As to the propriety of the supplemental jury instruction, I agree with the views expressed in the concurring opinion of Judge Wilner. The court's response to the jury inquiry should have been that wearing, carrying or transporting a handgun without a permit is unlawful, that the defendant has not claimed that he had a permit, that it is not an issue in the case, and that the defendant is not required to produce or offer any evidence whether he had one or not.
The substance of an instruction as to who has the burden of persuasion on the issuance of a permit to carry or transport a firearm is best left to another day. That issue should be decided in a case in which it is raised properly, and then fully briefed and argued.
Ordinarily, it is within the discretion of the trial court as to how, and when, to respond to a note from the jury. It has been held, however, that it is reversible error "where a jury shows confusion about a central aspect of applicable law, and the general instruction did not provide the legal information needed, [and] . . . the court does not respond to the jury's note." Potter v. United States, 534 A.2d 943, 946 (D.C. 1987). See also United States v. Bolden, 514 F.2d 1301, 1308 (D.C. Cir. 1975) (citing Wright v. United States, 250 F.2d 4, 11 (D.C. Cir. 1957) (en banc) for the proposition that "when a jury shows confusion, a trial judge is under an obligation to respond and is not, in responding, bound by the standard instruction"); Wright, 250 F.2d at 11 (holding that the trial judge's refusal to answer a juror's question constituted reversible error, because "it is the duty of the judge to fill in the sketch, as may be appropriate on the basis of the evidence, to provide the jury with light and guidance in the performance of its difficult task"). The majority's assertion that the discretion to give supplemental instructions "is only within the ambit of the trial judge's discretion in the first instance if the supplemental instruction actually related to an issue presented at trial," maj. op. at 134, is unsupported by any authority, is wrong, and is simply a bald assertion.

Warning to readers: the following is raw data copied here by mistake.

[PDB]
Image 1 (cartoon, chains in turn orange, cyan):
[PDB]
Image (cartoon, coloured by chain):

Judge Harrell has authorized me to state that he joins in this dissenting opinion.